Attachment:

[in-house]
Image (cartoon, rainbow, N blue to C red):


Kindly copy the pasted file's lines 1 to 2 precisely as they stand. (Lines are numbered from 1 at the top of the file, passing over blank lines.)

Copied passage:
[in-house]
Image (cartoon, rainbow, N blue to C red):